It sounds so strange to say when you’re dealing with customer service and mystery shopping, but there are times when the customer just isn’t right. There are instances wherein bending your will to an unhappy customer will actually do more harm than good because your business model shouldn’t change to accommodate one individual.
Likely you’ve heard the opposite of this your entire business career, but there are distinct reasons why doing so could be detrimental.
Who said “The customer is always right”?
The phrase was originally formulated in 1901 by Harry Gordon Selfridge, the man who founded Selfridge’s department store located in London. This phrase has since become commonplace when trying to convince customers that they will receive the best service possible. However, more often than not, going about your customer service in this way often times leads to worse customer service. Why is that?
1. Employee Happiness = Customer Happiness
A good employee means a good customer service reputation, right? When you have an employee that is disgruntled, or doesn’t enact your aspirations as a business, chances are that they are improperly representing your company and therefore hurting your customer service.
A hardworking but unhappy or unappreciated employee may lose respect for ownership. When management is continually undermining the authority of the employee in order to please the customer, that employee will lose their sense of intrinsic motivation to help the business succeed. This loss of intrinsic motivation will lead to a pattern of sub par customer service.
Let’s say you have one customer come and complain about their experience from beginning to end. They may have a legitimate cause to have irritations, but if they are perceptions that stem from having a bad day, they can skew the true meaning.
It’s times like these that you may feel like accommodating them, and giving them everything they ask for. This demeans your employees, and completely overvalues the customer. In a scenario where you listen to the customer, but don’t bend yourself completely, you’ll keep your employee happy because it shows your trust in them. A happy employee will, in turn, treat future customers as you want them to.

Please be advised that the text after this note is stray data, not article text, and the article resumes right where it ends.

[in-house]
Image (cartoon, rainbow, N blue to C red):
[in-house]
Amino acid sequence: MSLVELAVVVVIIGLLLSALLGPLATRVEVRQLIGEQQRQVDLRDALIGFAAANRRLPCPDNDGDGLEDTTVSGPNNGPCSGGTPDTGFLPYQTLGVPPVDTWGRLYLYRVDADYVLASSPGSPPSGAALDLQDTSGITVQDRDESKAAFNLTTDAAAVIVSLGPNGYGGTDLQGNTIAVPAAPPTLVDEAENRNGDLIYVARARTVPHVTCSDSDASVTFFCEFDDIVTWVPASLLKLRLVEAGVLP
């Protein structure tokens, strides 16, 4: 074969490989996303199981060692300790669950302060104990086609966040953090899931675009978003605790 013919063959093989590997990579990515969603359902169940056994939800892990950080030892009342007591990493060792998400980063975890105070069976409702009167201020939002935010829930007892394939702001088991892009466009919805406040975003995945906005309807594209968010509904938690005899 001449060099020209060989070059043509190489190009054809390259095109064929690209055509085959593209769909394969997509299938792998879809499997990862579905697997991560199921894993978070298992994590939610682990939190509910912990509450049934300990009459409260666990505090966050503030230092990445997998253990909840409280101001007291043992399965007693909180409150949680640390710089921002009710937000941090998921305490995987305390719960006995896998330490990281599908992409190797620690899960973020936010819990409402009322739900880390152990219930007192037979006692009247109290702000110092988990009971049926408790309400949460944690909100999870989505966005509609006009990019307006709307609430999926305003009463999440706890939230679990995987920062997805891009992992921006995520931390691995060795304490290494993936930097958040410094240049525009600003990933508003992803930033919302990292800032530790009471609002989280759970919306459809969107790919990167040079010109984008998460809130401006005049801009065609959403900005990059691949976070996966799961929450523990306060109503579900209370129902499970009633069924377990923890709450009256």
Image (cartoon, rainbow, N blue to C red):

You need to have your employees’ backs when dealing with improper clients, because at the end of the day, only one of them is key to the success of your business’ image.
2. Appealing to the ‘wrong’ customer sends the wrong message
An outspoken and irritated customer is always easy to spot, because those who fall into this category often want to let everyone else know that they were displeased with your business. While you shouldn’t ignore complaints, completely changing your tactics to fit that irritated client can speak volumes to your other customers, while also empowering the negativity.
When a customer sees that you’re willing to say “The customer is always right” they will tend to take advantage of the situation. After all, they aren’t wrong, and therefore can trap you into a scenario where you can never please them.
Undivided attention to an upset customer can tell your “good” customers that their opinions don’t matter as much. They offer just as much input, they just typically aren’t as vocal about it. Try not alienate your good customer base for the sake of one bad egg.
Again, it’s best to not ignore irate clients, but rather just try to rein them in as best you can. They aren’t always right, but they can be shown why things are run the way they are run. If the response from them is completely negative, then they aren’t the sort of customer that you need to be reaching out to anyway.
3. Sometimes the customer is wrong!
Assuming that the customer is always right can be seen as one of the biggest betrayals of an employee that a boss can commit. The customer is sometimes just plain wrong. Any business that puts it’s people first will also watch their people put the customer first. This is the best way to achieve good customer service.
The Importance of a Mystery Shopper Program
At Shoppers’ Critique, we’re always trying to find the best way to improve your customer service, and sometimes we want to let you know that the traditional ways of thinking may not be correct. The old phrase “The customer is always right” has good merit, but if taken too literally it can spell disaster for your business and subsequently its customer service reputation.
Always listen to your customers and your employees. A perfect balance of trust and respect between both parties is the best way to have great customer service. If you’re needing an unbiased perspective on your current customer service, call us for some great mystery shopping tools.